5 Health Habits It's Okay To Skip
3. Popping a daily multivitamin.
If you already have a healthy diet, pat yourself on the back and save your
money by skipping multivitamins. There's no evidence to show that they help (or
hurt) us, according to the National Institutes of Health. And if you aren't
eating right, experts say it's a mistake to rely on vitamins to fill the major
nutritional gaps, because they don't provide the vast benefits you get from
whole foods, which contain vitamins, minerals, fiber, and much more. Already in
the habit? It's fine to finish up that bottle of vitamins, but there's no
reason to buy another.
4. Staying indoors when it's cold outside.
Going out in the cold won't actually give you a cold -- unless you're
camping out in a blizzard for days at a time. (Ditto for going outside with wet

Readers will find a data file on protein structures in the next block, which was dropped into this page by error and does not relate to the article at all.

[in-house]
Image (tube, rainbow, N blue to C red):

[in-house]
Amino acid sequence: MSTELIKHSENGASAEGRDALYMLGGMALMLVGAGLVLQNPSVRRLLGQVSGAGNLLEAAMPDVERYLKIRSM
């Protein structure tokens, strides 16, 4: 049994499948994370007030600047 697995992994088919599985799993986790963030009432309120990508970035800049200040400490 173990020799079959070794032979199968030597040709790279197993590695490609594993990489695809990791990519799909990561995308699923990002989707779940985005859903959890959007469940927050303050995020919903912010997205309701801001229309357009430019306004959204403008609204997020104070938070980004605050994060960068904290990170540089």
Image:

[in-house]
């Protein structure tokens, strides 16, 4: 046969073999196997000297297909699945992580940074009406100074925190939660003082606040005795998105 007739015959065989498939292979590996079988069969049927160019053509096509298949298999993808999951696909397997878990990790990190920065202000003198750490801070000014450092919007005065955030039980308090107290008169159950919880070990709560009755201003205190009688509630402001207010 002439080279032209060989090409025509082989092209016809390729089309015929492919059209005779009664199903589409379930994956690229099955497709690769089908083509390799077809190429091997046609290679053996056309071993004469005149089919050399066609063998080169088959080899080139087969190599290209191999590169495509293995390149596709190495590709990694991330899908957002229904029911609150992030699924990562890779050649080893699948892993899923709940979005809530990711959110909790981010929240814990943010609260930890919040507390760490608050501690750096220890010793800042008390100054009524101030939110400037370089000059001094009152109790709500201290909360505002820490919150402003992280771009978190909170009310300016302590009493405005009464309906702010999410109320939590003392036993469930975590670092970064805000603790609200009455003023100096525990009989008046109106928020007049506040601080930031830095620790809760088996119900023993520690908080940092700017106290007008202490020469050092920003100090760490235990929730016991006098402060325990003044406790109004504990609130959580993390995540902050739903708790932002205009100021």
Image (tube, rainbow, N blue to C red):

hair.) "This is an old wives' tale that probably originated because we do
tend to get more colds during the winter months," says Katz. "But the
problem is the air inside, which becomes more germ-laden when we aren't
opening windows and letting fresh air in." One caveat: If you're cold
enough to be shivering, go in and warm up. Shivering is a sign that your body
is stressed because your core temperature has dropped, which can make you more
vulnerable to viruses.
5. Never eating after 7 p.m.
We've all got that friend who shed pounds just by cutting out her
after-dinner snacking and now swears by the 7 p.m. rule. But "it's a myth
that your metabolism slows down at night," says Tara Gidus, R.D., a
spokesperson for the American Dietetic Association. The real secret to your
friend's weight loss was ditching the pint of ice cream she used to dive into
on top of a full day's worth of calories. Gidus suggests eating a 100- to
150-calorie snack, such as an apple or a handful of almonds, to keep your blood
sugar stable overnight. Which means you might not wake up very hungry -- so go
ahead and skip breakfast. Just don't tell Mom.
Originally published on October 11, 2008
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